The eight-page memo, issued June 25, 2009, highlighted a number of problems at Massey, including a lack of manpower, lack of training, the falsification of dust samples and the “Big Four” violations — ventilation, roof control, electrical and clean up of rock dust and coal accumulations.

Ross said in the memo that the attitude at Massey was “if you can get the footage, we can pay the fines.”

One miner told Ross, “We are like robots. Everything is laid out for us, but we aren’t given the manpower to actually do it.” And “we are told to run, run, run until we get caught; when we get caught, then we will fix it.”

Prosecutors painted Blankenship as a micromanager, especially at UBB, where a full day of production could yield $600,000 in revenue.

They argued he cut costs at the expense of miners, declining a number of safety-related purchases and the hiring of additional miners who could have tended to safety adherence at the mines.

Defense attorneys countered those claims by saying it’s a CEO’s job to make sure a company is profitable, and that Blankenship never directly instructed anyone to violate safety laws.

When the time came for jury deliberations, more than 500 exhibits had been introduced into evidence — including hundreds of citations received at UBB and memos and recordings from Blankenship himself.

After hearing all the evidence, Rose said he was convinced Blankenship was guilty of all counts of the indictment.

But an initial poll showed not all jurors agreed — the court received a note November 19 indicating the jury was deadlocked.

U.S. District Judge Irene C. Berger ordered the jury continue deliberating, so jurors began sifting through each piece of evidence from the prosecution and the defense.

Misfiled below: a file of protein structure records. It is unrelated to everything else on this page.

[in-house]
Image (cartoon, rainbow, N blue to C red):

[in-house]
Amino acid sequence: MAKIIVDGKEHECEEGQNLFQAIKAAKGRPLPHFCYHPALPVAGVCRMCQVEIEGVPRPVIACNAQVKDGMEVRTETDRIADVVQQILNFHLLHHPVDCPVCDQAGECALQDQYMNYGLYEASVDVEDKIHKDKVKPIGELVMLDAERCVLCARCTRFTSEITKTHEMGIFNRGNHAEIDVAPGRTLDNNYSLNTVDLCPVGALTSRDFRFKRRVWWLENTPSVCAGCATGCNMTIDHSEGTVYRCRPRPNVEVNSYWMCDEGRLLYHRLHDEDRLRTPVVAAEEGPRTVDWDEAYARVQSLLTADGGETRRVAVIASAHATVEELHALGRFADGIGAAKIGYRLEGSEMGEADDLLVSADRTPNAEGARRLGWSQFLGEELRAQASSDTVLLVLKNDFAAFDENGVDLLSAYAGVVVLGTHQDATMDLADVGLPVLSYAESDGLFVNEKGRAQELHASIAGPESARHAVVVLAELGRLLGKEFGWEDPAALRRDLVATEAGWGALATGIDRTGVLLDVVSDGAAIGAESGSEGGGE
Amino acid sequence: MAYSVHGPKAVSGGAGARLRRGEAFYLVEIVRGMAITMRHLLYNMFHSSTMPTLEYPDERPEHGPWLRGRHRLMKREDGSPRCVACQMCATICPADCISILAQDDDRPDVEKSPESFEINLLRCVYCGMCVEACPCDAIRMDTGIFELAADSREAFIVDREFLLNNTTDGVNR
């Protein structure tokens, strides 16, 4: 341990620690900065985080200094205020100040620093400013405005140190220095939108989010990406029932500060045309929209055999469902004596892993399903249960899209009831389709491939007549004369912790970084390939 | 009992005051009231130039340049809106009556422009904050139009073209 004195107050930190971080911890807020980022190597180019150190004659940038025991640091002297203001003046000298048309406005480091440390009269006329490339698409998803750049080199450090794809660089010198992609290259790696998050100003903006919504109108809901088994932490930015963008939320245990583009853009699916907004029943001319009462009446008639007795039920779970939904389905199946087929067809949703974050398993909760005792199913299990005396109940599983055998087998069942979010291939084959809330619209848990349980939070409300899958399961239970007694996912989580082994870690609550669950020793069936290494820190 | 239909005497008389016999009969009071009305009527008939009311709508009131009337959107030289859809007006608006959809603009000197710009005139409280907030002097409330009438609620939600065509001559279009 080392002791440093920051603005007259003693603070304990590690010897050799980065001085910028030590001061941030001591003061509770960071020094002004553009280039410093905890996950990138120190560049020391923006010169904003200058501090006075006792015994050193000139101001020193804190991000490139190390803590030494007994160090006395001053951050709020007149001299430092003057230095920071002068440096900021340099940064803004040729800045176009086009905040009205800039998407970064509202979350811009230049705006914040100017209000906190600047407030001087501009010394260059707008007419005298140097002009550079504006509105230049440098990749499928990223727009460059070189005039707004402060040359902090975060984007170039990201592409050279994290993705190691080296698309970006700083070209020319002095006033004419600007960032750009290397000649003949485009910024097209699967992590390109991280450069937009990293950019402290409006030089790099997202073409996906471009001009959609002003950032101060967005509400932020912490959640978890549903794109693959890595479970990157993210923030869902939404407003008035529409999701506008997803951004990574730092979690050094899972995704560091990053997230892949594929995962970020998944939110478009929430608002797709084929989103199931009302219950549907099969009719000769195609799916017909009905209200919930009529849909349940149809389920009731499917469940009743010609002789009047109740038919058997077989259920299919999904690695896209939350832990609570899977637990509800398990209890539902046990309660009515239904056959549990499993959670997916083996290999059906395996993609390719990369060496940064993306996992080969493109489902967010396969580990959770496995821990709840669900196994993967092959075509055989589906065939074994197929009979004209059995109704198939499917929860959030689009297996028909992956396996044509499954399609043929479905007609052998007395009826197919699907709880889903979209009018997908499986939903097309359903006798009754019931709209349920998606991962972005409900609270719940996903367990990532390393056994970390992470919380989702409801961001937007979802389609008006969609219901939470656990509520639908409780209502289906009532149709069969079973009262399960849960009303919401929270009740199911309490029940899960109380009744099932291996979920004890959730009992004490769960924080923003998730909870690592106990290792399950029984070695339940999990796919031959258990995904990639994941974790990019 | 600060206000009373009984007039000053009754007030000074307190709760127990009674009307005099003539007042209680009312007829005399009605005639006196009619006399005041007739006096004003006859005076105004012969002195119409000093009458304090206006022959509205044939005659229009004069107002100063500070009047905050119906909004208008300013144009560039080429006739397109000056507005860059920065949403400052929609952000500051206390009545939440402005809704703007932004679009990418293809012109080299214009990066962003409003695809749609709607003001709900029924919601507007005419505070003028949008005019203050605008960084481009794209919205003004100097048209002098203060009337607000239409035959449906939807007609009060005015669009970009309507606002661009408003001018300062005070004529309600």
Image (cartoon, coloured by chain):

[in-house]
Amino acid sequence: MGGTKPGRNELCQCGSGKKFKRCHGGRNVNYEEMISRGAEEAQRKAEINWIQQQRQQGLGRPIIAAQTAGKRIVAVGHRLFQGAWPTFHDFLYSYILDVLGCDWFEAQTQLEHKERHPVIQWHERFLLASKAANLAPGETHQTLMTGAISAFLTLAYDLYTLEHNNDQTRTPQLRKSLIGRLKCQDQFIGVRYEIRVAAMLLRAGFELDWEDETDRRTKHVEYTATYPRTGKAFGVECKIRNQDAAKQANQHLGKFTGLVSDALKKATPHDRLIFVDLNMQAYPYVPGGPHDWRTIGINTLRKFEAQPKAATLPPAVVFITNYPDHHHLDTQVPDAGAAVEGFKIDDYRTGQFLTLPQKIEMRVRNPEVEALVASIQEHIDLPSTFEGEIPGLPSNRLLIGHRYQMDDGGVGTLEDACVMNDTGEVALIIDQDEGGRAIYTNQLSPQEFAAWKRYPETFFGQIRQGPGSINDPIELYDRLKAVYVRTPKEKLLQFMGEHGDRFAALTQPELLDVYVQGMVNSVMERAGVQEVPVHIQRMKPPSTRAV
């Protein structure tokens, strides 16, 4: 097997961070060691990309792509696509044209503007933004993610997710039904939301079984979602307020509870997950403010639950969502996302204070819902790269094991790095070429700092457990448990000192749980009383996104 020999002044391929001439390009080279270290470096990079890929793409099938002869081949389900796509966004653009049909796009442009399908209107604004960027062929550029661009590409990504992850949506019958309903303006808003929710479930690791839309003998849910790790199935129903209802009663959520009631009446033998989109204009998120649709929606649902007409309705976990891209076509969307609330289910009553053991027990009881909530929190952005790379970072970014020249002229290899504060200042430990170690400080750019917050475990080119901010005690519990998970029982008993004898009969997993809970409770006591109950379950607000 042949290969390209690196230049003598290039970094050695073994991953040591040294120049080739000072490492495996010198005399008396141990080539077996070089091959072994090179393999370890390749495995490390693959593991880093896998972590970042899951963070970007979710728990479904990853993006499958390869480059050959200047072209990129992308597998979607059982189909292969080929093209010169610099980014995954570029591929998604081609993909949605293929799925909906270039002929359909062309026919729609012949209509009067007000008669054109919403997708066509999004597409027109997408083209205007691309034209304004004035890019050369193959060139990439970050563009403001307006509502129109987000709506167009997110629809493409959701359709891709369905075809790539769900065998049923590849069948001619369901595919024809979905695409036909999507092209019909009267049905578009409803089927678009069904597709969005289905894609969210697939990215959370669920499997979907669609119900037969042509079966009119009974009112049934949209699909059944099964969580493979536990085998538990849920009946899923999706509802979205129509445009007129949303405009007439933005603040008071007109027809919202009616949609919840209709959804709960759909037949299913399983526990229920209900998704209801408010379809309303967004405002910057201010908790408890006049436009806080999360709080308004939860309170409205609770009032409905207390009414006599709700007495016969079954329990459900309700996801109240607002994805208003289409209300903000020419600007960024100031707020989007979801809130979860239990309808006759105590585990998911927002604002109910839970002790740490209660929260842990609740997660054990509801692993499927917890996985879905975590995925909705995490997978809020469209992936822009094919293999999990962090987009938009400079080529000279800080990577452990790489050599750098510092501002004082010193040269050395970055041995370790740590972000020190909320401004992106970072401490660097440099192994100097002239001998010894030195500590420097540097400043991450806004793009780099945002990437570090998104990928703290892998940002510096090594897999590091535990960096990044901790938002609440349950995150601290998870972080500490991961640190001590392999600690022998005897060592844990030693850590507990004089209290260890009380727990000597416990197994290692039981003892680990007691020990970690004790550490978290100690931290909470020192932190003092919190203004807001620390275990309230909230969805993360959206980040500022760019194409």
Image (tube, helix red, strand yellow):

Rose said even after going through all the evidence, piece by piece, he still thought Blankenship was guilty on all counts.

Other jurors brought up different points, Rose said, and the jury again sent a note December1 indicating it could not reach a indicating it could not reach a unanimous verdict.

Berger decided to give the jurors an Allen charge, or “dynamite charge,” which encourages continued deliberation. The charge asks jurors to reflect upon their own opinions and to reconsider the opinions of others. Additionally, the judge told jurors they could return a partial verdict.

Professor McGinley agreed that this case was a difficult one, especially with the lengthy testimony from former Performance Coal President Chris Blanchard and several defense documents that indicated Blankenship cared about safety at the mines.

He said although Allen charges can be considered coercive, he does not believe Berger’s order put any coercive pressure on jurors. “More than anything, it just explained their options.”

Giatras called the Allen charge “a necessary evil,” but said the judge’s instruction on a partial verdict was a counterbalance to any potential coercion.

He said the charge is designed to push people who are not resolute or firm in their convictions, and to let people know it’s OK to change their opinions.

But Giatras noted it’s unlikely anyone will ever know whether the charge had an impact on the case.

McGinley thought the case was heading toward a deadlocked jury, but ultimately, jurors returned a guilty verdict Thursday just before noon on Count One, conspiracy to willfully violate mine safety standards.